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Investors can approximate the average market return by buying an index fund. When you buy individual stocks, you can make higher profits, but you also face the risk of under-performance. Unfortunately the T.T. Limited (NSE:TTL) share price slid 48% over twelve months. That’s well bellow the market return of -1.5%. However, the longer term returns haven’t been so bad, with the stock down 23% in the last three years. The falls have accelerated recently, with the share price down 24% in the last three months.
Given that T.T only made minimal earnings in the last twelve months, we’ll focus on revenue to gauge its business development. Generally speaking, we’d consider a stock like this alongside loss-making companies, simply because the quantum of the profit is so low. It would be hard to believe in a more profitable future without growing revenues.
In the last twelve months, T.T increased its revenue by 2.6%. While that may seem decent it isn’t great considering the company is still making a loss. Given this lacklustre revenue growth, the share price drop of 48% seems pretty appropriate. In a hot market it’s easy to forget growth is the life-blood of a loss making company. But if you buy a loss making company then you could become a loss making investor.
This free interactive report on T.T’s balance sheet strength is a great place to start, if you want to investigate the stock further.
What about the Total Shareholder Return (TSR)?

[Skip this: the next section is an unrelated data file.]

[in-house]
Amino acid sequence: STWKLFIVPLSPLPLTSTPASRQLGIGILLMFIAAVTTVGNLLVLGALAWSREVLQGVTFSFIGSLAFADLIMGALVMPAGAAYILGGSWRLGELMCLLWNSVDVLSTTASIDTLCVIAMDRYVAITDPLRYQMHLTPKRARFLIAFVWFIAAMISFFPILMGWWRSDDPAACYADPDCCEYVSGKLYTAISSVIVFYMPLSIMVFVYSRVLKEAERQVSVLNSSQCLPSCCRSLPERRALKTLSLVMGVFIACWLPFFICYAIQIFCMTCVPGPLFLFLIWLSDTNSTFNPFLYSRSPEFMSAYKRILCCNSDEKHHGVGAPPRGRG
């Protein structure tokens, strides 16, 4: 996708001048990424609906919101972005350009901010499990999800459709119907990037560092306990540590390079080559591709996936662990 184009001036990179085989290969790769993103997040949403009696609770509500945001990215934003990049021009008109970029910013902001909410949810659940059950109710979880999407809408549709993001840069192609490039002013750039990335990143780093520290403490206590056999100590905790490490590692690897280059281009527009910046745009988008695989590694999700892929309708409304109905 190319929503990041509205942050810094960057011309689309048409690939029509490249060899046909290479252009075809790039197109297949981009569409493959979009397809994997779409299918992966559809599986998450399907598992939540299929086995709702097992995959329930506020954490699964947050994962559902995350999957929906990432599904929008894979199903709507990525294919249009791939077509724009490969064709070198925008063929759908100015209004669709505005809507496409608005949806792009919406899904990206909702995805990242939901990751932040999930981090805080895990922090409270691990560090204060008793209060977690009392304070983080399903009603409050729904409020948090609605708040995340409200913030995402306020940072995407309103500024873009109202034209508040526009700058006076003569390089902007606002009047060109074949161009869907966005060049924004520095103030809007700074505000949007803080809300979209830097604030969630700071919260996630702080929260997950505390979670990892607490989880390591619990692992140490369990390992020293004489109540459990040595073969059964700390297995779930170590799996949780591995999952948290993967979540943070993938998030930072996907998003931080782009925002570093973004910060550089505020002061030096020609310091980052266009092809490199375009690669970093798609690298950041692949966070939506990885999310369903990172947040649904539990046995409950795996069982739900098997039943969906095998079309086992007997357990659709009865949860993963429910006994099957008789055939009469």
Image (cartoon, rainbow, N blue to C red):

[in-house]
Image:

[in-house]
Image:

Investors should note that there’s a difference between T.T’s total shareholder return (TSR) and its share price change, which we’ve covered above. Arguably the TSR is a more complete return calculation because it accounts for the value of dividends (as if they were reinvested), along with the hypothetical value of any discounted capital that have been offered to shareholders. Its history of dividend payouts mean that T.T’s TSR, which was a 48% drop over the last year, was not as bad as the share price return.
A Different Perspective
We regret to report that T.T shareholders are down 48% for the year. Unfortunately, that’s worse than the broader market decline of 1.5%. However, it could simply be that the share price has been impacted by broader market jitters. It might be worth keeping an eye on the fundamentals, in case there’s a good opportunity. Longer term investors wouldn’t be so upset, since they would have made 2.4%, each year, over five years. If the fundamental data continues to indicate long term sustainable growth, the current sell-off could be an opportunity worth considering. If you would like to research T.T in more detail then you might want to take a look at whether insiders have been buying or selling shares in the company.
If you like to buy stocks alongside management, then you might just love this free list of companies. (Hint: insiders have been buying them).
Please note, the market returns quoted in this article reflect the market weighted average returns of stocks that currently trade on IN exchanges.
We aim to bring you long-term focused research analysis driven by fundamental data. Note that our analysis may not factor in the latest price-sensitive company announcements or qualitative material.
If you spot an error that warrants correction, please contact the editor at email@example.com. This article by Simply Wall St is general in nature. It does not constitute a recommendation to buy or sell any stock, and does not take account of your objectives, or your financial situation. Simply Wall St has no position in the stocks mentioned. Thank you for reading.